addled with the "two hit wonder" tag from her days in Moloko, and a debut album championed by critics but invisible on the sales sheets, Roisin Murphy is a darling of a pop star whose chart legacy may be in danger of transmogrifying to footnote status. But while the commercial potential of her new album may be up for debate, as a showcase for Rosin Murphy’s talent, Overpowered is an enormous success.
Propelled by a marriage of calculated risk taking and confident delivery, Murphy and her stable of collaborators have a sharp collection of tunes on their hands. There’s an aligning personality that ties the process together, but each song can stand alone with a unique identity outside the shared DNA. Ranging from the icy cool of "Tell Everybody" to the handclap-happy disco stalk of "You Know Me Better,” every offering suggests a refreshingly balls-out ambition to make big distinctive pop tunes tailored to singledom. It may all be a ruse so that Murphy can dress up in elaborate costumes for a variety of haute haute haute! single promo sleeves, but what a ruse!
Murphy’s confidence in her wardrobe is dwarfed by the regal self-assurance that she exudes in her delivery. Our narrator doesn’t coast on her vocals, nay, she sells the tunes with every coo, kiss-off, and plead in her arsenal. A song such as the inhibition-removal plea "Primitive,” would sound absurd in the wrong hands, but is handled with expert skill by Murphy. This confidence occasionally leads to over-earnest stumbles, such as the environmental conservation essay "Dear Miami," which underscores the R. Kelly-sian gambles at work.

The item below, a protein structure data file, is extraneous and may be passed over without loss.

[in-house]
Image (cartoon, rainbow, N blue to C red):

Even so, Overpowered has a certain swagger that may disqualify it from immediate entry from the dance floor. The results can be danced to, but Murphy seems to be baiting the greasy-faced headphone crowd as well. Overpowered knows how to squeech and squelch in the proper places, while touches of cowbell, beatboxery, and the occasional Prince styled riff all get sprinkled in accordingly. It's beating, bubbly pop heart seems to demand a bit more observation at first than tailfeather movement. That’s not to say that there isn't brainy material on the dancefloor—it's just that Overpowered seems to be a different beast altogether. It’s more of a design-conscious dance excursion that seems fixated on enchantment as a primary means of entry.
Reviewed by: Dan MacRae
Reviewed on: 2007-10-24